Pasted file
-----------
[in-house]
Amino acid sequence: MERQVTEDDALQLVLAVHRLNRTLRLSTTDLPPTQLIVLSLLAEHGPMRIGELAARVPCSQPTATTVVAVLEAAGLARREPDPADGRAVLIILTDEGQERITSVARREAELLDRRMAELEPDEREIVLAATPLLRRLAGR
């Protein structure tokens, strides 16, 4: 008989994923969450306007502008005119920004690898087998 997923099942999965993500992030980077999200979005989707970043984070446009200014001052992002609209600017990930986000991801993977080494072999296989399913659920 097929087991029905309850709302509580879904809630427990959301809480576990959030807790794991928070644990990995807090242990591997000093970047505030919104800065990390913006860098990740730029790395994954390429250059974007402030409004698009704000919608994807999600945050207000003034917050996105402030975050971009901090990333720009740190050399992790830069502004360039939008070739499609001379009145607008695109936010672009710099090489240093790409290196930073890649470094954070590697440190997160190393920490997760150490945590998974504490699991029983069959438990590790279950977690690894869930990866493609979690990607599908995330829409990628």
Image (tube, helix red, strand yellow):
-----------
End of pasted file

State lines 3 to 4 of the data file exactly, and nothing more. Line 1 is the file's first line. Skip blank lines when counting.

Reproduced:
């Protein structure tokens, strides 16, 4: 008989994923969450306007502008005119920004690898087998 997923099942999965993500992030980077999200979005989707970043984070446009200014001052992002609209600017990930986000991801993977080494072999296989399913659920 097929087991029905309850709302509580879904809630427990959301809480576990959030807790794991928070644990990995807090242990591997000093970047505030919104800065990390913006860098990740730029790395994954390429250059974007402030409004698009704000919608994807999600945050207000003034917050996105402030975050971009901090990333720009740190050399992790830069502004360039939008070739499609001379009145607008695109936010672009710099090489240093790409290196930073890649470094954070590697440190997160190393920490997760150490945590998974504490699991029983069959438990590790279950977690690894869930990866493609979690990607599908995330829409990628």
Image (tube, helix red, strand yellow):